Tags: Early | Diabetes | More | Likely | Worsen

Early Diabetes More Likely to Worsen

Monday, 18 September 2006 12:00 AM

NEW YORK -- People who develop type 2 diabetes when they're younger than 50 years of age are more likely to experience a worsening of their disease than those diagnosed at an older age, according to research presented in Copenhagen Friday at the 42nd annual meeting of the European Association for the Study of Diabetes.

Dr. Targ Elgzyri from Lund University, Malmo, Sweden, who presented the data, told Reuters Health: "The idea of the study came when we found, as previously shown, a progressive rise in HbA1c over time in newly diagnosed patients with type 2 diabetes despite different modes of therapy."

Unlike testing blood sugar levels, which gives a short-term picture of diabetes control, measuring blood levels of HbA1c, a biological marker for the disease, gives an idea of how well diabetes has been controlled over several months. Rising HbA1c levels, despite the use of different blood sugar-lowering drugs, suggests that the diabetes is getting worse.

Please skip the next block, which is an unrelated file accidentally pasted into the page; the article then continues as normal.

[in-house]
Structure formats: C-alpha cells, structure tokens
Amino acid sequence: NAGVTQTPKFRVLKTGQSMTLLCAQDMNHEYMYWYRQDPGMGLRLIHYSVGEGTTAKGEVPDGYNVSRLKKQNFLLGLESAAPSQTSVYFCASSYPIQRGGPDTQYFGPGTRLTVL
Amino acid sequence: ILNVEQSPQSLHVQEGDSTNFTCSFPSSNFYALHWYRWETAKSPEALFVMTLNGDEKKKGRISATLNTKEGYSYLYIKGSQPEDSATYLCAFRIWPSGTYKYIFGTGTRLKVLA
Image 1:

With the current study, Elgzyri and colleagues looked for non-genetic factors that influence a continuous rise in HbA1c. The researchers followed more than 1,200 patients with type 2 diabetes for 7 years after their diagnosis.

HbA1c improved at 1 year following diagnosis, declining from 7.6 to 6.3 percent. During the subsequent 6 years, however, HbA1c increased from 6.3 to 7.0 percent, as expected.

The patients required insulin therapy after an average of 2.5 years, Elgzyri and colleagues report in a meeting abstract. After 7 years, 47 percent of study subjects were on insulin therapy.

"Among non-genetic factors studied, age at diagnosis showed a significant influence on HbA1c change over time," Elgzyri said.

Specifically, patients younger than 50 years at type 2 diabetes diagnosis experienced a steeper increase in HbA1c than did those 50 years of age or older at diagnosis.

The rise in HbA1c concentrations in subjects diagnosed before the age of 50 was related to an impaired ability of pancreas cells to produce insulin, the hormone that allows sugar to enter the body's cells and fuel the body's energy needs.

In a follow-up study, Elgzyri's group plans to test whether genetic factors can modify these relationships.

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NEW YORK -- People who develop type 2 diabetes when they're younger than 50 years of age are more likely to experience a worsening of their disease than those diagnosed at an older age, according to research presented in Copenhagen Friday at the 42nd annual meeting of the...
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Monday, 18 September 2006 12:00 AM
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